Daily News Archive

Bringing To Justice Those Who Poison The Environment With Pesticides
(from February 19, 2003)

In the past week, two lawsuits, one in Louisiana and one in Tennessee, highlight the role that the courts can play in bringing to justice those who poison the environment with pesticides. In Louisiana, a water contamination case against Aventis chemical company will go forward and in Tennessee a guilty verdict was issue for the poisoning of birds.

An appeal filed by Aventis was denied by the Louisiana Supreme Court last week regarding a lawsuit brought by crawfish farmers in the state, according to the Associated Press. The Louisiana Supreme Court ruling allows the lawsuit to go forward as a class-action lawsuit on behalf of all crawfish farmers with similar claims against the pesticide manufacturer. The farmers charge that the Icon, a pesticide manufactured by Aventis, that was applied to rice seed to kill water weevils killed the state's 2000 and 2001 crawfish harvest.

ICON contains the active ingredient fipronil, which disrupts insects' central nervous system, acting with contact and stomach action. According to the U.S. EPA Chemicals Evaluated for Carcinogenic Potential, fipronil is classified as a possible human carcinogen.

Studies show that fipronil is highly toxic to fish and aquatic invertebrates, highly toxic to bees, and highly toxic to upland game birds. The photodegradate of fipronil, MB46513, is about ten times more acutely toxic to mammals than fipronil itself and there is potential for bioaccumulation in fatty tissues. The metabolite MB 461 is more highly toxic to birds, and the metabolites MB 46136 and MB 45950 are more highly toxic to freshwater invertebrates than fipronil itself.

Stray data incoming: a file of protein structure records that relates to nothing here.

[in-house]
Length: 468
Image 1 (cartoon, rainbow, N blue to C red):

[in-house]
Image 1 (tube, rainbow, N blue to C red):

Meanwhile, a federal court in Tennessee found a man guilty of poisoning federally protected red-tailed hawks and black vultures with the pesticide aldicarb, according to the Commercial Appeal. The U.S. Department of Justice stated in a press release that in January 2001, the defendant applied the restricted use pesticide to two deer carcasses and one goat carcass that were then placed in a field where various animals and birds consumed them. This resulted in the death of seven red-tailed hawks and two black vultures. The birds are protected under the Migratory Bird Treaty Act.

Aldicarb is a highly acutely toxic pesticide. Like other carbamate pesticides, aldicarb, and its metabolic products, aldicarb sulfoxide and aldicarb sulfone, reversibly inhibit cholinesterase, an important nervous system enzyme. Studies show that aldicarb is highly toxic to mammals, birds, estuarine/marine organisms, and freshwater organisms.